Where countable assets are transferred under certain circumstances that trigger a period of disqualification under Medicaid, the transfer is not illegal. Penalties are imposed under federal law in many civil law contexts. For example, you are penalized under federal tax law for early withdrawals of money from Individual Retirement Accounts (IRAs) or 401(k) plans. The result of the penalty in the Medicaid context is that the individual is liable for all long-term care costs during the penalty period.

Medicaid planning is a part of a larger planning process that:

1. Examines the full range of long-term care options, issues, and costs relevant to the client’s circumstances; and

2. Pursues the goals of preserving and promoting the individual’s dignity, self determination, and quality of life according to the values and wishes of the client. Individuals who seek help with this planning process overwhelmingly prefer to stay in the community with formal and informal support services and prefer to stay out of any form of institutional care.

Myth 2: Gaming the system to get Medicaid coverage of long-term care is widespread.


Medicaid planning is neither “gaming the system” nor terribly widespread. The activity that is truly widespread is informal unpaid family caregiving of individuals needing long-term care. Families are the bedrock of the long-term care system: 83% of people with long-term care needs live at home, and 75% receive their care solely from unpaid caregivers (i.e., family and friends). The number rises to 93% when you include those who receive both paid and unpaid caregiving in the community.7 Most families seek Medicaid eligibility only after they have become worn out from informal caregiving. And, even after Medicaid is helping to pay costs, spouses and adult children continue to provide unpaid care.

Medicaid planning is about meeting the needs of real people faced with potential long-term care costs that are beyond the means of all but a tiny percentage of the population. Moreover, planning that involves asset transfers that could result in a penalty is done for half or fewer of the clients of attorneys responding to a past poll of the members of the National Academy of Elder Law Attorneys.8
Indeed, 60% of the Elder Law attorneys responding to that survey reported that such transfers were used in a quarter or fewer of cases. The GAO study in Massachusetts in 1993 found that only about 10% of the total cases they reviewed involved asset transfers, typically to family members.9

Myth 3: Elder Law attorneys help rich people get Medicaid.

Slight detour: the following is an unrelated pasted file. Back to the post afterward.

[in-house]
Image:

The rich engage in tax planning; they have no need to rely on Medicaid, nor would they want to. Medicaid is a valuable program, but there are many disadvantages to relying on Medicaid, such as limitations in access to health care providers, limitations in coverage, exposure to recovery against one’s estate after death, and state-by-state variations in eligibility and coverage. Elder Law attorneys help individuals understand the pros and cons of all their legal options.

No one yearns to be on a program like Medicaid. Seniors engage in Medicaid planning mainly because they find themselves in a “lose-lose” corner. First, they lose their health and require long-term care and come face-to-face with nursing home costs averaging $81,030 for a semiprivate room and $90,520 for a private room per year. Second, they learn that they will have to lose virtually their
entire estate to pay for long-term care — paying 100% outof-pocket until they reach Medicaid’s definition of impoverishment. Congress created a partial remedy to this harsh result under Medicaid by exempting certain assets such as the home, allowing married couples to preserve a larger amount of their resources, and permitting a limited range of asset transfers without penalty. Other transfers beyond the limited range incur a significant penalty of non-eligibility for a period of time.

The recent GAO study found that only 5% of the total cases they reviewed involved disqualifying asset transfers. The study population as a whole possessed a median amount of countable plus non-countable assets of only $7,660. Breaking down that figure, the GAO reported that 41% had total resources of $2,500 or less; 44% had between $2,501 and $100,000 in total resources; and 14%
had more than $100,000 in total resources.10 Given that the value of a modest home in some locals can be several hundreds of thousands of dollars, these statistics reflect a fairly poor study population. These individuals are not millionaires impoverishing themselves.

Myth 4: Asset transfers result in huge additional costs to the Medicaid program.


No reliable data exist assessing the actual effect of asset transfers on Medicaid expenditures, however, a few studies provide informative insight. In a 1995 study, Liu and Moon estimated that if every elder with a significant incentive to divest countable assets in order to become Medicaid eligible actually did divest every penny, the amount transferred would equal about 4% of Medicaid nursing home expenditures.11

As a practical matter, this estimate overstates the scope of disqualifying transfers, because, as noted in both the current and 1993 GAO study, most Medicaid planning involves permissible conversions of assets that trigger no penalty. Moreover, these studies found that disqualifying transfers do indeed result in disqualification or withdrawal of application, resulting in little or no additional cost to Medicaid.

When people do become eligible for Medicaid, regardless of whether they have engaged in Medicaid planning, they must pay all but a small portion of their income each month for their care; Medicaid then pays whatever the difference is between that amount and the Medicaid rate. Thus, costs to Medicaid are always mitigated by the individual beneficiary’s monthly income.